Bombardier disappointed as Amtrak abandons plans for Acela purchase

MONTREAL – Bombardier says it is disappointed that Amtrak is abandoning the purchase of its Acela trains for the northeastern U.S. corridor as the passenger rail operator advances plans to acquire faster, modern high-speed trains.

Amtrak says it will formally start the process early next year of replacing the existing 20 Acela Express trains and add two cars to trains to expand the seating capacity of the service connecting Washington, D.C., and Boston. It originally planned to add 40 Acela cars to its existing fleet.

Chief executive Joe Boardman says moving directly to new high-speed trains is the best option to improve the railway’s service and reduce operating costs.

He told a congressional committee in Washington on Thursday that the previous plan to add 40 new passenger cars with newer technology to the older Acela trains was “a stop-gap measure.”

Besides posing technical challenges, adding new cars was determined to be not cost effective and insufficient to handle new ridership growth projections, Boardman said.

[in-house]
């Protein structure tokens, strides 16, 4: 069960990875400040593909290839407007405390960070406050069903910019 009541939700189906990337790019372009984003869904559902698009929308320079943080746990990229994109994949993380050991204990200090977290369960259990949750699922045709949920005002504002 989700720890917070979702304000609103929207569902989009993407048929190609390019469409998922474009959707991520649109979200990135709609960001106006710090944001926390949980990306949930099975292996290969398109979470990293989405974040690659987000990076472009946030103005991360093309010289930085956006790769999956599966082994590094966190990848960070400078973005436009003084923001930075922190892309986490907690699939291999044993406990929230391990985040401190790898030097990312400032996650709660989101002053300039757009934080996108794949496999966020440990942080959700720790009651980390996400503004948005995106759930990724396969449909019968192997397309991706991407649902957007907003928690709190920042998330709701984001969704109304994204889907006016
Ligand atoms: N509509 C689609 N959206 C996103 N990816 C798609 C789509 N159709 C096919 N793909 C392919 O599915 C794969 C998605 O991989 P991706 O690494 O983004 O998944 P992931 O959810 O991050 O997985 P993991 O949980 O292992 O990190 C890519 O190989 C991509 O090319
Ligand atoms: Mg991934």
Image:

Bombardier (TSX:BBD.B) and Alstom partnered in 1996 to supply the original Acela trains but Bombardier has been in discussions to manufacture an upgraded version at its Plattsburgh, N.Y., facility.

Spokeswoman Maryanne Roberts said Bombardier isn’t totally surprised by the decision because it was one of several options being considered.

Meanwhile, the rail manufacturer is interested to supplying interim trains if required or participating in a tender call for high-speed trains that can travel up to 354 kilometres per hour, she said.

The Acela trains are designed to hit 265 km/h, but travel at much slower average speeds and only reach 241 km/h for a few kilometres in Rhode Island because of infrastructure issues with the track.

Amtrak expects a public-private partnership could play a significant role in the upgrade because of the prospect for more than US$1 billion in operating profits and some 40 million passenger annually once it is in full operation.

Boardman said international experience suggests that the private sector is only willing to participate in high-speed rail projects after the public sector allocates significant funding.

Amtrak transported a record 31.2 million passengers in fiscal 2012, including 11.4 million in the northeastern corridor. It has tried to build itself as an airline alternative especially for business travellers and carries more passengers between New York and Boston than all airlines combined.

On the Toronto Stock Exchange, Bombardier’s shares were up one cent at C$3.40 in afternoon trading.